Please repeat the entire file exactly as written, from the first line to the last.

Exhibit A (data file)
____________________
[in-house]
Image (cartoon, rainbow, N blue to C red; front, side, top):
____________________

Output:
[in-house]
Image (cartoon, rainbow, N blue to C red; front, side, top):